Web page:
Thu10302014

Last updateThu, 30 Oct 2014 8am

Grieving families are forming group to help others carry on

    A new chapter of The Compassionate Friends (TCF) is coming to the Meramec area. The group provides grief support for families that suffer the death of a child. Trina and Scott Fitch and Mike and Marsha Brinker are working to bring a local chapter to this area for those needing to heal during their time of grief.


    “We are creating a 4 Rivers chapter. There are over 650 chapters around the world. It is a regional outreach to provide grief support,” Scott Fitch said.
    Scott Fitch and his wife lost their first child due to complications at birth after only one and half days of life. Marsha and Mike Brinker lost their daughter, Jessica, in a school bus crash in 2010. The Fitchs discovered the program and, hoping to bring it to this area, reached out to the Brinkers. They have now teamed up to organize the local chapter, which will begin offering monthly meetings starting this month.
    “No one’s allowed in unless they have lost a child. It is parents helping parents through their grief. You have to have lost a child, grandchild, or sibling. We hope to help those in the area that are dealing with these situations,” Scott Fitch said.
    The hope is to eventually be able to have a library of resources and information to both help with personal situations as well as educate people about helping others in these situations.
    “For us, we had tremendous support from the community. We had people at our door through the whole thing,” Marsha Brinker said. The Fitchs also had help through their church community during their time of loss.
    A Minister in England named Simon Stephens started The Compassionate Friends. Outreach quickly spread to the United States with chapters in all 50 states, Puerto Rico and Guam. The national office is located in Illinois and the organization is a 501c3 non-profit. Chapters provide support and response to those who contact them and help those grieving with personal connections with those who have experienced the same sort of loss.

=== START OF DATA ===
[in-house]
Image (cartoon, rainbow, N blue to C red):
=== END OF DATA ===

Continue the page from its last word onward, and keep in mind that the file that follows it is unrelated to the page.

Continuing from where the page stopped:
“Two chapters opened in Missouri this year. We pay a yearly fee and hope to develop resources to help those in the chapter. Richard Jones will be offering refreshments at our meetings. When someone joins, we would like to give them anniversary cards for things like the child’s birthday and other anniversaries. We hope to get hospitals and funeral homes in the area to refer those in these situations to us so we can help,” Scott Fitch said.
    In its 35-year following incorporation, all chapter leaders are volunteers and are bereaved parents, siblings, or grandparents, as are the 55 regional coordinators who serve as liaisons between chapters and the national organization. Local chapters hold regular meetings to provide a caring environment to the bereaved in the area, holding regional conferences, walks to remember, making phone calls, sending letters and emails, and making personal visits. Those facing the loss of a child know there is very little that can help, but knowing there are others facing the same pain can be helpful.
    “There is a time where nothing matters. All the things you worry about every day don’t matter,” Trina Fitch said. With the help of TCF members, there is a community of assistance for those families.
    All contributions from individual members are voluntary. TCF’s 2014 budget is more than $1 million, with 85 percent allocated to local chapters and the public. The rest is used for administrative and fundraising. TCF has been awarded The Independent Charities Seal of Excellence for its work.
    The local chapter of TCF will hold its first meeting on August 12 in the St. James Christian Church beginning at 6:30 p.m. All subsequent meetings will be held on the second Tuesday of every month at the same time and place.

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